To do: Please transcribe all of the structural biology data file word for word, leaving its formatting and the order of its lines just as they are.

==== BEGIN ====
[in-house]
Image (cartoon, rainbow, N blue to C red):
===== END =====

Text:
[in-house]
Image (cartoon, rainbow, N blue to C red):